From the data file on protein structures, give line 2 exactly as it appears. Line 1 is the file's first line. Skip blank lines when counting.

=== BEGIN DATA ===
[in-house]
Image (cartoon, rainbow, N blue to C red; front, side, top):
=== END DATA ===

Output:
Image (cartoon, rainbow, N blue to C red; front, side, top):